Little Rock Brewing & Ice Company

The Little Rock Brewing & Ice Company opened in August 1898 to much local fanfare. At the time, it was the only brewery in Arkansas.

Founders John Doyle of Richmond, Virginia, and Philip Hildenberger of Philadelphia, Pennsylvania, had both been brewers in their hometowns. They successfully petitioned the City of Little Rock (Pulaski County) for a donation of $2,500 to help remodel the vacant Quapaw Cotton Mills property into a brewery and ice plant. By 1898, the buildings had been vacant for several years. They were ideal, however, for use by a brewery interested in using a gravity-fed brewing process. Importantly, the Quapaw Mills plant was only a couple of blocks from the Arkansas River and a railroad depot, the major shipping options of the day.

The brewery opened on August 19, 1898, with a huge celebration. Little Rock beer was on sale at local taverns the next day. The brewery could also produce over thirty tons of ice a day.

Two St. Louis, Missouri, brewers that had expanded their markets considerably were Lemp and Anheuser-Busch. Both brewers had various railroad depots where fresh ice could be packed onto their beer-carrying rail cars. The Little Rock Brewing & Ice Company had been open for less than two years when Anheuser-Busch purchased a city block directly east of the brewery for a cooperage plant to employ 300 making kegs. Anheuser-Busch also purchased two lots along the Arkansas River, including a private wharf.

While these plans were being developed, Doyle and Hildenberger were negotiating the sale of their new brewery to the St. Louis behemoths. The purchase papers were signed on April 10, 1900, with a reported price of $125,000.

The new owners kept the name Little Rock Brewing & Ice Company. Major stockholders were W. J. Lemp, Adolphus Busch, Louis Lemp, August A. Busch, Nicholas Kupferle, and Herman Reidel. Kupferle, a Little Rock businessman, was appointed president of the brewery. Reidel, also a local businessman, was named secretary/treasurer.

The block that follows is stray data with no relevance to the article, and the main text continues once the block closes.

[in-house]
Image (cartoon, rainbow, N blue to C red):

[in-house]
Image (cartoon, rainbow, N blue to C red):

Nicholas (Nick) Kupferle was a banker before he took over as president of the brewery. Born in 1841 in Baden, Germany, Kupferle immigrated to the United States in 1856, settling in St. Louis, where he was a carpenter. When the Civil War broke out, Kupferle volunteered for the Union army and was severely wounded at the Battle of Shiloh in April 1862. He was hit by a bullet to the back of his neck, a wound that would affect him the rest of his life. He moved to Little Rock in 1870, where he opened a saloon and later operated a wholesale liquor, beer, and wine distributorship and ice depot. He became a director of the First National Bank in Little Rock and was elected vice president in 1882; he later served two terms as a city councilman. He was a director and vice president of the Bank of Commerce at the time he joined the Little Rock Brewing & Ice Company.

A new superintendent—Emanuel Schnaider of Columbus, Ohio—was hired in 1901. He had brewed beer for the Hoster Brewing Company in Columbus for over twenty years. Beer sales rose by forty percent within a year, and a new brand, Baren Brau, was introduced. Soon, the ice plant increased its output, and another new brand, Pilsener Extra Pale, was made. Major improvements were undertaken, including a massive new mash kettle, a new bottling line, and a keg cleaning machine in 1902.

Nicholas Kupferle died at sixty-two on May 9, 1902, finally succumbing to complications from his Civil War wound. The prohibition politics of the era were soon to change things. The Woman’s Christian Temperance Union (WTCU) was gaining strength across the country. In 1915, the Arkansas General Assembly passed the Newberry Act, banning the manufacture and sale of alcohol in the state. By this time, the Little Rock brewery was more dependent on ice sales than beer. The brewery was able to hang on making ice until 1925, when the corporation was dissolved.

Ice manufacturing at the plant did not end, however. The Southern Ice Company took over the ice plant and remained there until 1965. That year, the ice company shared the buildings with the Safeway Grocery Company, which made ice cream there. By 1980, Southern Ice had left and the building was vacant, later to be demolished. Today, the site is part of a parking lot adjacent to the William J. Clinton Presidential Center and Park in Little Rock.

For additional information:
“The Brewery Deal.” Arkansas Democrat, April 11, 1900, p. 1.

Flemmons, Kenn. “Little Rock Brewery & Ice Company.” Pulaski County Historical Review 70 (Spring 2022): 18–26.

“What It Means.” Arkansas Gazette, April 13, 1900, p. 4.

Kenn Flemmons
Little Rock, Arkansas


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